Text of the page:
There’s definitely an element of analysis by paralysis, but it’s hard to go from a Little Leaguer to the Major League, so players and coaches and parents are really looking for ways to help kids improve. We see parents all the time who are like, “He’s the best on the team but we want to keep him moving forward.” They used to describe his swing to him; now he can see it for himself on his iPod or Android Touch.
What did you learn at Apple and Jawbone that you’re applying to this startup?
One of the biggest things I learned at Apple [were the benefits of focusing] so intently on product. So we focus a lot on product. From a sales and go-to-market and channel perspective, Jawbone has just done a fantastic job. I’m applying those lessons here, too.
What are you planning to do with your new funding?
Ultimately, we think every ball, bat, racket, and shoe will be digitally connected and that there’s an opportunity for a company to own that sports technology space in a way that no one owns right now. It sounds lofty, but that’s our goal.
4C Insights, a three-year-old, New York-based data analytics and marketing intelligence startup, has raised $5 million in Series B funding from Jump Capital, a private investment firm launched by the founders of Jump Trading, a trading firm in Chicago.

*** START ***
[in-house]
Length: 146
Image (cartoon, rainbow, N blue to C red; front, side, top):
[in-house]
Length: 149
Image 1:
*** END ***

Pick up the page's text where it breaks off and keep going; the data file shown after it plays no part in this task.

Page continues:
Adallom, a two-year-old, Tel Aviv-based SaaS security startup, has raised $15 million in Series B funding led by Index Ventures, with participation from existing investor Sequoia Capital. The company — founded by alumni of the Israeli Intelligence Corps — had previously raised a $4.5 million round led by Sequoia.
Ahalogy, a 2.5-year-old, Cincinnati, Oh.-based Pinterest marketing platform, has raised $3.1 million in Series A funding, co-led by Hyde Park Venture Partners and Origin Ventures. Other investors in the round included CincyTech, North Coast Angel Fund, and Vine Street Ventures.
Aorato, a two-year-old, Herzliya, Israel-based cybersecurity startup, has raised $10 million in Series B funding in a round that included Accel Partners, Glilot Capital Partners, and Innovation Endeavors, along with individual investors.
Docker, a five-year-old, San Francisco-based company whose open-source technology helps developers move code to the cloud quickly, has raised $15 million in Series B funding led by Greylock Partners. Other participants included Insight Venture Partners and previous investorsBenchmark Capital, Trinity Ventures, and Yahoo co-founder Jerry Yang.